Fish were biting, the water was clear and the sky was blue at Lake Needwood in Rockville on Saturday.
Rain filled the newly dredged, man-made lake with more water than it has held in years. Families came out in force to enjoy reduced rate boating, expert help in baiting hooks for fishing, a children’s fishing tournament, kayak tours and pedal boat races. It was all part of Montgomery County Parks' celebration of the lake's reopening.
The Stoney family of Rockville tried it all.
They kayaked and paddle boated and ate lunch along the water before boarding a pontoon boat for a one-hour excursion.
“It’s our first time here,” Rufus Stoney said. “I’ve driven by before but never knew it was back here. I love it, we’ll be back next week.”
This was the first visit to the lake for many of the visitors. The parks department counted more than 70 canoe rentals, more than 80 row boat rentals and 119 paddle boat rentals, said Christine S. Brett, the department's enterprise chief.
"Another favorite ride of the day was the Needwood Queen pontoon boat with over 100 passengers enjoying the view of the lake. Any of the passengers on the lake probably saw a turtle, or heard a fish splash and watched the ducks swim by," she said.
Some, such as the Wright family of Silver Spring, took out canoes to fish on the lake.
Lake Needwood is 30 feet deep on the south end, said park employee Chris Adkins of Gaithersburg. The shallower north end of the 75-acre lake is between 12 and 18 feet deep, he said. Before the 2011 dredging the shallow end was only 1 to 4 feet.
“Fish have bounced back since the dredging,” he said.
The day started with a fishing tournament for children.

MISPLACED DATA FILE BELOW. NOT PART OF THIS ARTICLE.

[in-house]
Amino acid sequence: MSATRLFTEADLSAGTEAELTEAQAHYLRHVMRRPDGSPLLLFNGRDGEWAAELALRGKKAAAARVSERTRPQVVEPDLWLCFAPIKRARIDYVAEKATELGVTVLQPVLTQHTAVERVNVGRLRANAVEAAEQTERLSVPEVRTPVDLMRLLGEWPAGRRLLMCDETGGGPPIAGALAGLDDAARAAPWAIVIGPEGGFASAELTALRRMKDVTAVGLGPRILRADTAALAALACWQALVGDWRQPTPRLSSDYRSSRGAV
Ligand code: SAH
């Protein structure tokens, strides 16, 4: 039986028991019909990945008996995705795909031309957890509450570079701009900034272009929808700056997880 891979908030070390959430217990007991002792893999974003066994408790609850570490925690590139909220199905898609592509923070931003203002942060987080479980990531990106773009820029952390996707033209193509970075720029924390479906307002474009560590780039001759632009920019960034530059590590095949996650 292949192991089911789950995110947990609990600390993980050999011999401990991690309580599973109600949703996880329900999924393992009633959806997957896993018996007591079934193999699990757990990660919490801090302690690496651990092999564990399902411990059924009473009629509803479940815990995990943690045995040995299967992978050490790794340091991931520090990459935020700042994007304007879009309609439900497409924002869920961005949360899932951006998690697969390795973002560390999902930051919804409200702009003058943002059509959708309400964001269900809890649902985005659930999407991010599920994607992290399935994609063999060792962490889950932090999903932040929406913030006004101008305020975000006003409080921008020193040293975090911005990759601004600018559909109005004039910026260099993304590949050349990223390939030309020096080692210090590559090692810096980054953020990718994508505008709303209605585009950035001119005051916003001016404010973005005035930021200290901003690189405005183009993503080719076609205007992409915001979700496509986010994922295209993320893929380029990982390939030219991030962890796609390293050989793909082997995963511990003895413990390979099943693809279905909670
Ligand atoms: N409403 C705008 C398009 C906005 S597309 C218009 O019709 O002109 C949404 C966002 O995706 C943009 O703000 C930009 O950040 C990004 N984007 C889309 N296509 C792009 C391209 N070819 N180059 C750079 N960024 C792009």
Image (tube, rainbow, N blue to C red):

Afterward, families tried catching some of the large mouth bass, trout, catfish, bluegill and crappie that live in the water. Most of the fish caught were too small to keep, but Ozzie Knotts of Rockville, fishing with his son and grandchildren, had better luck. Jim Knotts, his son, was making dinner plans for a catfish that could be seen flailing its tail through a plastic bag.
For his daughter, Annie, 8, it was, “The first time she’ll be able to eat a fish we caught,” Jim Knotts said.
The lake and adjacent trails are part of Rock Creek Regional Park.
Naturalist Lisa Droubi from Meadowside Nature Center talked to children about the birds and other wildlife that live around the lake and passed out eagle and owl skulls and feathers for children to hold. The highlight was a millipede she let children touch.
Cailey Harrington, 4, and her brother, Bryce, 6, of Wheaton, had such a good time at the fishing tournament, paddle boating and listening to the nature talk, they did not want to go home. Their parents promised that, although it was their first visit to the park, it would not be their last.